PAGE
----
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Catalunya té una llarga experiència en votacions electròniques, que, de fet, es remunten vint anys enrere fins a les eleccions autonòmiques de 1995, però es tracta de meres proves pilot no vinculants que miren de fomentar aquest nou format de decisió. Les eleccions de 2003 repetiren l’experiment, i el referèndum sobre la Constitució europea, el 2005, també inclogué proves experimentals de votació electrònica a quatre municipis catalans. Mentre que a escala catalana ens trobem, doncs, amb una trajectòria limitada, els municipis catalans han adoptat una posició més decidida, aprofitant la convocatòria de consultes populars en diversos formats. Callús (Bages) i Sant Bartomeu del Grau (Osona) són dos municipis pioners en l’ús d’eines electròniques per permetre l’expressió política dels seus veïns. Sant Andreu de Llavaneres ho assajà un cop, i cal citar també l’experiència a Barcelona sobre la reforma de l’avinguda Diagonal. Es tracta d’iniciatives ja una mica llunyanes i amb resultats dispars, però més recentment hem assistit a una certa revifalla d’aquesta qüestió en l’àmbit local. Diversos municipis han celebrat consultes populars electròniques en aquests darrers anys: Riudellots de la Selva, Premià de Mar, Olot, Girona i un altre cop Callús. A més a més d’aquests antecedents reals, cal assenyalar que la legislació catalana requereix la creació d’una plataforma institucional comuna de vot electrònic. La Llei 4/2010, de 17 de març, de consultes populars per via de referèndum, assenyala, en aquest sentit, que «el Govern ha de posar a disposició dels ens locals una plataforma tecnològica comuna que permeti la implantació homogènia del sistema de vot electrònic» (art. 58). D’altra banda, l’article 59 estableix un sistema de garanties i transparència en què es preveu una certificació externa del sistema de vot electrònic, una comissió independent de garanties i, entre altres mesures, la remissió d’un informe anual al Parlament. Més de set anys després, res de tot això s’ha dut a terme. D’altra banda, les consultes populars no són els únics àmbits on les votacions electròniques podrien ser útils per a la millora de la gestió pública. L’Administració inclou altres procediments en què es fa necessari que un col·lectiu determinat de persones es pronunciïn de forma individual i secreta. A títol indicatiu, les eleccions sindicals o les eleccions a consells escolars són dos procediments en què l’ús de noves tecnologies podria facilitar una gestió més eficient i, sobretot, un augment notable de la participació de les persones interessades. Tot plegat aconsella explorar la viabilitat de la plataforma institucional comuna de vot electrònic exigida per la Llei 4/2010, i, amb aquest objectiu, s’han reunit experts de les diferents disciplines involucrades en el desplegament d’un sistema de vot electrònic (dret, informàtica, sociologia, gestió pública) amb tècnics experts de les administracions públiques catalanes. El projecte posa en comú aquest ric ventall de perspectives i estableix les bases, en cas que es consideri finalment viable, d’una futura plataforma comuna de vot electrònic. Tenim, en aquest sentit, un precedent en el Consorci de Serveis Universitaris de Catalunya (CSUC), que disposa ja d’un sistema integrat de vot electrònic al servei de les diferents universitats.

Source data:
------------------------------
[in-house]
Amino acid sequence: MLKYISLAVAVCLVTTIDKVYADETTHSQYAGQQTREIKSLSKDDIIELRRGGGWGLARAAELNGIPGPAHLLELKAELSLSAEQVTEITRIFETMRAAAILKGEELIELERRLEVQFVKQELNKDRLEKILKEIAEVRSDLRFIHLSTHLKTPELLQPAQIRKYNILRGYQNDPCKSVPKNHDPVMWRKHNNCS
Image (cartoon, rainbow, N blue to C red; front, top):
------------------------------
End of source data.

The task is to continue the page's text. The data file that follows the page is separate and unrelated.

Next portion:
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The article analyzes an open data movement in an unusual context of highly developed digital economy and widespread popularity of e-government services in a country that is universally well-known as one of the global leaders in promoting information society and electronic democracy, but paradoxically demonstrating modest results in propagating a presumably related concept of open government data. In this regard, paying special attention to the investigation of main drivers, stakeholders and challenges of the open data movement in Estonia, the author argues that a highly centralized administrative policy that has been widely used previously by authorities in advancing various technology-driven public reforms, which partly explains a truly impressive advance of this Nordic state in e-government, e-commerce, e-banking and evoting, does not necessarily lead to same effective results in the open data domain. On the contrary, the presence of established democratic institutions and developed civil society as well as an incredibly advanced and dynamic private ICTindustry that values competition and professional curiosity along with a very strong sense of patriotism and adherence to a particular neighborhood deeply rooted in Estonian society has played a much more important role in diffusing the concept rather than just traditional government directives and strategies.